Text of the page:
Glass experiences the Crop Over festival in Barbados

THE vibrancy and colour of Barbados flourishes in the month of August where excitement builds all over the island for the celebration of Crop Over – a 200-year-old tradition that commemorates the end of the sugar cane season.

On arrival, I brushed off the fatigue and switched straight into carnival mode after hearing the catchy beats coming from bars and passing cars. Crop Over’s famed reputation for being a non stop party is no lie as festivities start in the day and run through to the early hours – suddenly the paracetamol I received in my welcome pack makes sense.

Crop Over carnivalCarnival dancers

A walk down St Lawrence Gap is a great representation of the island’s dynamic character. In the day it’s a foodie paradise where I was able to taste some international cuisine and even the island’s own exclusive fast-food chain Chefette. Walking past it at night, I’m shocked to believe it’s the same place as it completely transforms into a party hub filled with live music, karaoke bars and nightclubs. I pop my head into a Jazz bar before returning to Sandals to wind down and enjoy the resort’s all inclusive perks and before another busy day. Those who are after a more premium stay have the brand new Sandals Royal just next door with full access to both of the hotel bars and restaurants.

Sandals Royal A room in Sandals Royal, Barbados

Unlike other festivals, Crop Over has a lengthy duration of six weeks which pays homage to food, art and music and after recently reaching 50 years of independence, Bajan’s have even more reason to celebrate. Being the birthplace of rum, it’s almost criminal not to enjoy a refreshing rum punch or two to cherish the harvest of sugarcane which is one of the key ingredients in the rum. The iconic Mount Gay brand is the main Barbadian preference, so I made a boozy pilgrimage to the Mount Gay visitor centre and tried the many strains of rum that are made on the island. In order to get the true experience, I stopped by one of the traditional rum shacks scattered along the island’s 21 mile stretch and enjoyed a rum on the rocks whilst in the company of chatty locals.

In the day it’s not uncommon to go to a breakfast, brunch or lunch party, as it’s a fine chance to indulge in a variety of the best local and international street food accompanied by live music and djs. If you prefer something calmer, there are a number of restaurants strung along the coast that offer authentic local cuisine with a sparking blue view of the water. Lunch at Champers was particularly exceptional as I dined al fresco and caught as special sighting of islands sea turtles which often come up for air in full view of guests. In the evening I sampled an adventurous dinner at Nishi where a Japanese-Caribbean fusion gives sushi and fresh fish dishes a local twist.

Sandals Barbados BeachThe blue Barbadian water

The entire island can be seen by car however, the off road safari tour allowed me to see parts of the island from higher viewpoints situated in the more hidden parts of the land. In addition to all the on land sights, I was able to enjoy Barbados on the water when I went to a Crop Over party on a catamaran. Departing in the afternoon, the party boat cruised around the island giving us a chance to dine, drink and even go for a swim before returning after dark! During the cruise I was given the opportunity to free dive off the boat and enjoy warm Caribbean water whilst viewing the sunset – a truly memorable experience.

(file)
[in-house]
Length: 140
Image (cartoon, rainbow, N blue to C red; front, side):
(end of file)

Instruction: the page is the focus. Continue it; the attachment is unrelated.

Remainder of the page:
A lot of preparation goes into the parade and its common culture to join a ‘band’. Carnival ensembles going by ‘bands’ play a big role in the festival as they showcase their work in a competitive televised parade before the main carnival walk. My visit to a band house allowed me to see the behind the scenes work that goes into the glamorous carnival outfits, and I was shocked to learn all the costumes are handmade by the bands in their free time.

Carnival pictureCarnival day in Barbados

Finally everything climaxes for the bank holiday celebration of the Grand Kadooment carnival street parade, which marks the last day of Crop Over season. I watch countless bands parade down the streets dressed head to toe in striking carnival wear. Large sound systems follow each individual band, playing a mixture of Calypso and Crop Over classics.

The parade grows each year with more people encouraged to “jump in” and join resulting in a fantastically long half day event. As I watch the hundreds of people dancing down the street in unison, I’m filled with positivity as I admire the exuberance of it all and question whether there is any better way to celebrate such a tradition. Crop Over is not just a carnival. It’s reflection of history, rich culture and diversity.

People are encouraged to ‘jump in’ and join which results in a fantastically long parade lasting half a day. As I watch from the side I admire the exuberance of it all and question whether there is any better way to celebrate such a tradition. whilst including everyone.

by Katrina Mirpuri

Sandals Royal Barbados – opened 20 December 2017

Seven nights staying at Sandals Royal Barbados staying in a Royal Seaside Crystal Lagoon One Bedroom Oceanview Butler Suite with Balcony Tranquillity Soaking Tub costs from £3,359 per person. Price includes Luxury Included® (all-inclusive) accommodation, Butler Elite Service, 24 hour room service, return economy flights from London Gatwick and resort transfers. The price is based on travel on 3rd August 2018. Subject to availability. Price is correct at time of print. To book or for more information on Sandals Royal Barbados visit, call 0800 597 0002 or pop down to the new sandals Luxury Travel Store at 135 Fulham Road, London.

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Glass Music Editor

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